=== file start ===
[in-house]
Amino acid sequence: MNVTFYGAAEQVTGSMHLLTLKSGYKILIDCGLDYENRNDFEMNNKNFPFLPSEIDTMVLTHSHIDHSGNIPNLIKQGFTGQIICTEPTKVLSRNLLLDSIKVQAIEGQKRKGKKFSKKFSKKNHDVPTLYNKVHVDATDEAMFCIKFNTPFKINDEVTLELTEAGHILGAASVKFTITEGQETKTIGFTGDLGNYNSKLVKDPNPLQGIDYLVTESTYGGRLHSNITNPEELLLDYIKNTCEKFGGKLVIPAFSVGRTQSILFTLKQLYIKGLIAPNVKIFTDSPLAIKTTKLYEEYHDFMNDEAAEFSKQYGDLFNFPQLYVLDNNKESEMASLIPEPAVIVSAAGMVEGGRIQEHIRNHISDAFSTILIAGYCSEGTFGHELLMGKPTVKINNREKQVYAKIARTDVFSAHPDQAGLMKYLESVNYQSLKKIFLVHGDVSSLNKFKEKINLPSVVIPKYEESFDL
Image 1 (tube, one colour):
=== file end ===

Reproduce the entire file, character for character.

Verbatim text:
[in-house]
Amino acid sequence: MNVTFYGAAEQVTGSMHLLTLKSGYKILIDCGLDYENRNDFEMNNKNFPFLPSEIDTMVLTHSHIDHSGNIPNLIKQGFTGQIICTEPTKVLSRNLLLDSIKVQAIEGQKRKGKKFSKKFSKKNHDVPTLYNKVHVDATDEAMFCIKFNTPFKINDEVTLELTEAGHILGAASVKFTITEGQETKTIGFTGDLGNYNSKLVKDPNPLQGIDYLVTESTYGGRLHSNITNPEELLLDYIKNTCEKFGGKLVIPAFSVGRTQSILFTLKQLYIKGLIAPNVKIFTDSPLAIKTTKLYEEYHDFMNDEAAEFSKQYGDLFNFPQLYVLDNNKESEMASLIPEPAVIVSAAGMVEGGRIQEHIRNHISDAFSTILIAGYCSEGTFGHELLMGKPTVKINNREKQVYAKIARTDVFSAHPDQAGLMKYLESVNYQSLKKIFLVHGDVSSLNKFKEKINLPSVVIPKYEESFDL
Image 1 (tube, one colour):